Finding disabled people and their families who wanted to tell their stories was not difficult. I was keen to tell their stories honestly and to the best of my ability. Amazingly, they trusted me and allowed me into their lives. Usually it was extended family members or someone in the community who put me in contact initially but only when I had earned their trust. I was fortunate to have talented and able translators and fixers who understood my project and became enthusiastic about putting it into practice.

Nomadic culture permeates Mongolia and I was constantly astonished at peoples’ willingness to welcome a stranger at their door bearing only a token gift. Every time I knocked on a door with some tea or a scarf I was invited in for a cup of tea and a snack and a willingness to listen to my needs.

The country is large and poor and consequently the hospitals, schools and welfare system are not of a high standard. The infrastructure mostly limited or absent. In western Mongolia, where the towns and villages are more remote, facilities become severely limited and in some places non-existent. The Government is endeavouring to improve the situation but life will remain hard for people with disabilities in remotes areas for many years to come. It was painful for me to meet individuals whose needs were not met because drugs or medical procedures were not in place and I was aware that probably they would not live long.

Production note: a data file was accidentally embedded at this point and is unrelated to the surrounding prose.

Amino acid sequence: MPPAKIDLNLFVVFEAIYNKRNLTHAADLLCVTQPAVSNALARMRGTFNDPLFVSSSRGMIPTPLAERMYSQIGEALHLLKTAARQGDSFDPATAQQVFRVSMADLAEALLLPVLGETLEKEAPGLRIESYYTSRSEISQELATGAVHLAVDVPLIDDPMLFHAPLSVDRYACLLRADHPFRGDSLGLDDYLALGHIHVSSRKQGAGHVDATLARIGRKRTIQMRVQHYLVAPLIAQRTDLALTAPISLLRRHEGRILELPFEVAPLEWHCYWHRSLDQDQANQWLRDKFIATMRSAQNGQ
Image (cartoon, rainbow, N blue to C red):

Over the years I did witness abuse of people with a disability in Mongolia but not on the institutional and industrial scale as is apparent in the west. I put this down to differences in culture. The nomadic culture, in which any stranger who appears at the door of a Ger or mud-bricked home is welcomed, where food is shared and help is provided if necessary, is a hospitality-based culture. You help others in need in the countryside and remote places since you may need their help in the future. Family and community are central to their way of life. People with disabilities often stay within the family and are supported within and by the community. Being loved, understood and sustained by family and community, is another way of saying ‘You are much more than your disability’.